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Buhari instructs Customs to send seized goods to IDPs Camps



President Muhammudu Buhari has directed the Nigeria Customs Service (NCS) to transfer relief items in various Customs warehouses to designated officials for onward distribution to Internally Displaced Persons (IDPs).

Wale Adeniyi, public relations officer of the service, disclosed this in an interview with the News Agency of Nigeria (NAN) in Abuja on Sunday.

According to Adeniyi, the comptroller-general of the service, Hameed Ali, had set up a national committee to coordinate the movement of seized relief items to give effect to the president’s directive.

He said the relief items currently in government warehouses for distribution to the IDPs included goods that had been forfeited to the federal government.

“President Muhammudu Buhari has directed the Nigeria Customs Service to move and transfer relief items in various customs warehouses to relevant officials for use by IDPs,” he said.

“And to give effect to the directive, the comptroller-general of Customs has set up a national committee that would coordinate and manage the movement and the transfer of these sized relief items directly to the IDPs.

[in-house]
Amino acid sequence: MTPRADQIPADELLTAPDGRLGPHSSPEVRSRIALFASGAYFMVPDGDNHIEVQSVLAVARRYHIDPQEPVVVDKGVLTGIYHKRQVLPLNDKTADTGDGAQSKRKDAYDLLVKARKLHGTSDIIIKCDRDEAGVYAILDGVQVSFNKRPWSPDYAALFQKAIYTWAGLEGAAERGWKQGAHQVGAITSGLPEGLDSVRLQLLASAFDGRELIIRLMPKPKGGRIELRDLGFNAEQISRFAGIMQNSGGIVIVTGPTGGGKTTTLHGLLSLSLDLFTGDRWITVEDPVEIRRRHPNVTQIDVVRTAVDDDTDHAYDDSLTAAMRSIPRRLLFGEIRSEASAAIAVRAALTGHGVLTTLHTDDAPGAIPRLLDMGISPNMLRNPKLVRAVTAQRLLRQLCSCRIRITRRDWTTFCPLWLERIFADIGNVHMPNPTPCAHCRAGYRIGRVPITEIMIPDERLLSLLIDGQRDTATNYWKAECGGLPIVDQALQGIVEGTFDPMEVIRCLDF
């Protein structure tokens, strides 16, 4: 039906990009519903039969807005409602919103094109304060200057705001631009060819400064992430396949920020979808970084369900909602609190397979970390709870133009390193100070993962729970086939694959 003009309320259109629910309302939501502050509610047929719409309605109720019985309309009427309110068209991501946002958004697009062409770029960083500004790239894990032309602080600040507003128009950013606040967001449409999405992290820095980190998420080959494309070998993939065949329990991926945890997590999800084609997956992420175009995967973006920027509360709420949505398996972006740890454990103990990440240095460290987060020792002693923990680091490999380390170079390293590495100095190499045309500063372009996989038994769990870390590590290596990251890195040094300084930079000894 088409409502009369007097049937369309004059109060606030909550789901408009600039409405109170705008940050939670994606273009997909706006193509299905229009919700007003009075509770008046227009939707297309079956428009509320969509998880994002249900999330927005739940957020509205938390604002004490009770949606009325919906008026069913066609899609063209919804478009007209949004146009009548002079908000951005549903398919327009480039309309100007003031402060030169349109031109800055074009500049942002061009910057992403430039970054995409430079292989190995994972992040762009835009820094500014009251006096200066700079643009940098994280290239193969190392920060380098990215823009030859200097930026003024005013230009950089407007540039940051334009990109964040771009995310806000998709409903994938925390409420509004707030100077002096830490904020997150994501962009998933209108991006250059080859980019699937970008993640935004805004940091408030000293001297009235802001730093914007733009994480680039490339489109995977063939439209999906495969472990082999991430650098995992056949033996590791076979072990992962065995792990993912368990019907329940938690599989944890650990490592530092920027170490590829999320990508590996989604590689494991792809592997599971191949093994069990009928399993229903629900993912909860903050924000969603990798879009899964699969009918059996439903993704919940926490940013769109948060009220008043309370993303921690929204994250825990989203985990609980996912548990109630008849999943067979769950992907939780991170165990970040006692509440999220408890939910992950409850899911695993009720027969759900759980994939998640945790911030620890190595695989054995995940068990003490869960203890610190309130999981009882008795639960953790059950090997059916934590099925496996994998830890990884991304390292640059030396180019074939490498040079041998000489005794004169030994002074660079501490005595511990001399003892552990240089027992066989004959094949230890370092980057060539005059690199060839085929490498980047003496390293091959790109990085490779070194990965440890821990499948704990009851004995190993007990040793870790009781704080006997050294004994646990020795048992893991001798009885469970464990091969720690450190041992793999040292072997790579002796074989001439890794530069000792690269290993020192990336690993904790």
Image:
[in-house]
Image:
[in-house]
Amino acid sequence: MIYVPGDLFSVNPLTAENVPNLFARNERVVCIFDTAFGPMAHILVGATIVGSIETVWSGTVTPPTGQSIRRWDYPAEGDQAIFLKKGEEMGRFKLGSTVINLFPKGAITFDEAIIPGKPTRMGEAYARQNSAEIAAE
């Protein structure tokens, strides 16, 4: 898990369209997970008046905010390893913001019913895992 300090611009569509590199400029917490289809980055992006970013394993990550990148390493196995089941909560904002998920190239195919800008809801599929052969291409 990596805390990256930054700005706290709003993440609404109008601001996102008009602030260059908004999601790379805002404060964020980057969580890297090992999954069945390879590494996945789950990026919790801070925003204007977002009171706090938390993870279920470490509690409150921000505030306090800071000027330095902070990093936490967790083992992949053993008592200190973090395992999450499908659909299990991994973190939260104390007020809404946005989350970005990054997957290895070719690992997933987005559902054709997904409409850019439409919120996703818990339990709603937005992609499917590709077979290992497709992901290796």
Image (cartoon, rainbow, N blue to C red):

“It is important to stress that these items are only those that have been condemned properly in the competent court of law and have been forfeited to the federal government of Nigeria.

“They include food items like rice, vegetable oil, spaghetti and essential items like soap, used clothing materials, mosquito nets, beddingmaterials and others.”

Adeniyi said that members of the committee were drawn from the service, army, air force, police, immigration service and the EFCC.

He explained that the Customs boss also included some NGOs, civil society organisations and the media, so that the committee could have a measure of transparency and credibility.

He said the service had taken an initial step to determine the locations of the IDP camps.

“We had thought that IDPs camps were only in Borno and Adamawa states, but discovered that there ware over 20 of such camps,” he said.

“The distribution of relief items to the IDPs would slightly be different from the previous ones the service had done. This time around, our targets are not the IDPs camps; our targets are the IDPs themselves who are in these camps.”

He said that the service would go beyond the IDPs camps to communities and villages where Nigerians had been displaced, having learnt that some IDPs had returned to their communities although they also lacked the essential relief items.

“We expect that the exercise will take a period of about eight weeks and the trip will start very soon,” he said.

“The exercise is going to be slightly different from what we have been doing before, because we want these things to end up directly with the end users.

“We are going to be working with state governments, community leaders and other relief agencies to ensure that these items get to the IDPs in a secure and transparent manner.”